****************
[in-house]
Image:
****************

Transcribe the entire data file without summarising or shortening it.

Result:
[in-house]
Image: